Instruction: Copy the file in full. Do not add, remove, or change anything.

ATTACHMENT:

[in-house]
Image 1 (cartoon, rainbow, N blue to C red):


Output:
[in-house]
Image 1 (cartoon, rainbow, N blue to C red):